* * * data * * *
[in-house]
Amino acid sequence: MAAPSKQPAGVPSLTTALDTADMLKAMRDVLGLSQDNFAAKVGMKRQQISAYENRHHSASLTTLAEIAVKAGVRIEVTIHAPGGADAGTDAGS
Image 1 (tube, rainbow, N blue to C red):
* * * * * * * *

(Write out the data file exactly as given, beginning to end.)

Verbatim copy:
[in-house]
Amino acid sequence: MAAPSKQPAGVPSLTTALDTADMLKAMRDVLGLSQDNFAAKVGMKRQQISAYENRHHSASLTTLAEIAVKAGVRIEVTIHAPGGADAGTDAGS
Image 1 (tube, rainbow, N blue to C red):